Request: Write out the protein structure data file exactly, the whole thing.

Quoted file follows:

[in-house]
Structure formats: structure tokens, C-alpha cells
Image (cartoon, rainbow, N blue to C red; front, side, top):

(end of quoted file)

[in-house]
Structure formats: structure tokens, C-alpha cells
Image (cartoon, rainbow, N blue to C red; front, side, top):